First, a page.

ANNUAL STATION REPORT TO S-277
TEXAS A&M UNIVERSITY / TEXAS AGRICULTURAL EXPERIMENT STATION
"Comparison of tropically adapted breeds: The Texas A&M Experiment Station at McGregor has been studying two new breeds of tropically adapted cattle; the Boran and the Tuli. The Boran is a Bos Indicus breed and the Tuli is a Sanga type. Both originated in East Africa and are smaller than the Brahman. Sanga cattle are, however, thought to be genetic intermediaries, with some Bos indicus and some Bos taurus. The Tuli probably have little Bos indicus.
Comparisons are in progress of Boran, Tuli and Brahman F1 females out of either Angus or Hereford cows. Out of the first three calf crops, the first by Angus sires and the next two by Brangus sires there was little difference in birth weights but weaning weights differed considerably with Brahman F1's weaning at 488 lbs, Boran at 430 lbs and Tuli at 395 lbs. However, Boran was the highest percentage calf crop weaned at 80, then Tuli at 77 and lowest was Brahman at 70 - a larger differential than for weaning weights.
Work at the US Animal Research Centre MARC, Nebraska, essentially mirrors these results. The Boran may offer possibilities as a competitor for the Brahman cross, especially to reduce the cow size and increase the "calf crop weaned" percentage. The MARC also found the Boran to have a higher marbling content than the Brahman, so improvements could be made here too.
DATE: June 1, 2001
I. PROJECT TITLE:
Breeding to Optimise Maternal Performance and Reproduction of Beef Cows in the Southern Region USA
II. AGENCIES AND PRINCIPAL INVESTIGATORS:
Agency: Texas Agricultural Experiment Station
Principal Investigators: J.O. Sanders, D.K. Lunt, K.L. Key, A.E. Ducoing
To evaluate reproduction and maternal performance of top-cross cows sired by tropically adapted sire breeds in subtropical and temperate regions of the U.S.
IV. In 1982 - 1985, Hereford cows were artificially inseminated to Angus
(n=10), Gray Brahman (n = 11), Gir (n=6), Indu-Brazil (n=10), Nellore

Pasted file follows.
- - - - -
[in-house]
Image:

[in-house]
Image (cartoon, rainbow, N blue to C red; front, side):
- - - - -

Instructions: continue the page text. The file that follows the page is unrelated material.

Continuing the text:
(n=10) and Red Brahman (n=10) bulls. The F1 females from these matings were retained and are under evaluation for lifetime cow productivity.
These F1 females were born in the fall and calved for the first time in the spring, when about 30 months of age. They have been maintained in a spring calving season throughout their lifetimes. All females of the different crosses have been mated to the same bulls, by natural service, each year.
In 1991 and 1992, both Hereford and Angus cows were artificially inseminated to Tuli (n=9), Boran (n=8) and Brahman (n=15) bulls. The F1 females from these matings were also retained for the evaluation of lifetime
productivity. They were born in the spring and were given the opportunity to calve in the spring at two
years of age. They have been also been maintained in a spring calving season throughout their lifetimes,with
females of all crosses mated to the same bulls, by natural service, each year.
In addition, in 1996 and 1997, Angus cows were mated by both natural service and artificial insemination to Brahman and Nellore bulls. The F1 females from these matings have also been retained to evaluate lifetime productivity, but they are part of a heterosis retention study, where they are being used to produce advanced generation crossbreds. The emphasis in this study will be on comparing productivity of females of different generations with the same breed composition, so the breed of service sire will not be the same for the two types of F1 cows in at least some years.
V. PROGRESS OF WORK:
Of the F1 cows born from 1982 to 1985, calves have been produced from 1985 to 2001. Means by breed of cow's sire for birth weight and weaning weight are shown in Table 1. Several different sire breeds have been used, and breed of sire of calf is almost completely confounded with year. Within a given year, all cows were bred to the same bulls. Calves out of the Bos indicus sired cows were lighter at birth and heavier at weaning than those out of the Angus sired cows.
Among the Bos indicus sired cows, birth weights were lightest for calves out of Gir sired cows. In the F1 phase of this study, the Gir sired calves had the lightest birth weights of the different Bos indicus sire breeds. There were no significant differences in weaning weight for calves out of the different types of Bos indicus sired F1 cows.
Means for mature weight and height of the F1 cows are shown in Table 2. All of the Bos indicus sired F1 cow types were heavier and taller than the Angus- Hereford crosses. Among the Bos indicus crosses, the Gir and Nellore crosses were lighter than the Brahman and Indu-Brazil crosses.